Thomas Reardon

Last updated
Thomas Reardon
Born1969 (age 4950)
Education Columbia University (B.A., 2008; PhD, 2016) [1]
Duke University (M.S., 2010) [2]
Known forCTRL-Labs
Internet Explorer
Awards TR35 (2003)
Scientific career
Fields Information technology
Computational neuroscience
Institutions Columbia University
Doctoral advisor Thomas Jessell
Attila Losonczy

Thomas "T.R." Reardon (born 1969) is an American computational neuroscientist and the CEO and co-founder of CTRL-labs. [3] Formerly, he was a computer programmer and developer at Microsoft. He is credited with creating the project to build Microsoft's discontinued web browser, Internet Explorer, the world's most used browser during its peak (2002–03). [4]

United States Federal republic in North America

The United States of America (USA), commonly known as the United States or America, is a country comprising 50 states, a federal district, five major self-governing territories, and various possessions. At 3.8 million square miles, the United States is the world's third or fourth largest country by total area and is slightly smaller than the entire continent of Europe. With a population of over 327 million people, the U.S. is the third most populous country. The capital is Washington, D.C., and the most populous city is New York City. Most of the country is located contiguously in North America between Canada and Mexico.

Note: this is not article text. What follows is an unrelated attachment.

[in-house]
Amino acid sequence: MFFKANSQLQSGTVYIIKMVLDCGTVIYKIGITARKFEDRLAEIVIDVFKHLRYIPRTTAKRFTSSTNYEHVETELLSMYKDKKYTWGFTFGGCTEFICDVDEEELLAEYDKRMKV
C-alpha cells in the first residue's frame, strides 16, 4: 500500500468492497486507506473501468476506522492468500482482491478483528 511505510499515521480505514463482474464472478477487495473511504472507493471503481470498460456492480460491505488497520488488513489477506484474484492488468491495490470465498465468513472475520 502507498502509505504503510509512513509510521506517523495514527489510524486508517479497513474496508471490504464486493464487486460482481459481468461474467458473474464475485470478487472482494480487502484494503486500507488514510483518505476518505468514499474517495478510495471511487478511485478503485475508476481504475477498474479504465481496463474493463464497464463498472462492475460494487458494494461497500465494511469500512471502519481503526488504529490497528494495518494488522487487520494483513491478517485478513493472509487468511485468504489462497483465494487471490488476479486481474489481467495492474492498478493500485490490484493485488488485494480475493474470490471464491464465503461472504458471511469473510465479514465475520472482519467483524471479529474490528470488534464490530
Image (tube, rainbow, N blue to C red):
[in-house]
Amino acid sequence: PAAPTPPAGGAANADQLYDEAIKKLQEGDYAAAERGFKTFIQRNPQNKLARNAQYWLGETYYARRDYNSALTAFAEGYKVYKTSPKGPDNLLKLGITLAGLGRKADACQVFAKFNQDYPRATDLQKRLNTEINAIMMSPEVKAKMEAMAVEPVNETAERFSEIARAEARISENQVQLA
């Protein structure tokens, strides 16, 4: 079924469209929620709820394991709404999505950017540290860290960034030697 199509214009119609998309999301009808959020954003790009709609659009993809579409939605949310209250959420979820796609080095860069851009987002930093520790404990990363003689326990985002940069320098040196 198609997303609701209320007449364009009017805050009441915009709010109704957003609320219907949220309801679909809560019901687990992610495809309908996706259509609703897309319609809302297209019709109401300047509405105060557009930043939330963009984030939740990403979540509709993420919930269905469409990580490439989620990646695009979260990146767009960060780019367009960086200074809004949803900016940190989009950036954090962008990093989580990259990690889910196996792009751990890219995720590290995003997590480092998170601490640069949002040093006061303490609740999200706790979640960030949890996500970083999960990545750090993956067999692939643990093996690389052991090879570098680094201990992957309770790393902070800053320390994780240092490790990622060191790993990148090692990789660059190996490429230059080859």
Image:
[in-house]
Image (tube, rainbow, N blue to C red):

Computational neuroscience is a branch of neuroscience which uses computational approaches, to study the nervous system. Computational approaches include mathematics, statistics, computer simulations, and abstractions which are used across many subareas of neuroscience including development, structure, physiology and cognitive abilities of the nervous system.

Programmer person who writes computer software

A computer programmer, sometimes called more recently a coder, is a person who creates computer software. The term computer programmer can refer to a specialist in one area of computers, or to a generalist who writes code for many kinds of software.